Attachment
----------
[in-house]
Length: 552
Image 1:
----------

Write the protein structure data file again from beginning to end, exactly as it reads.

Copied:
[in-house]
Length: 552
Image 1: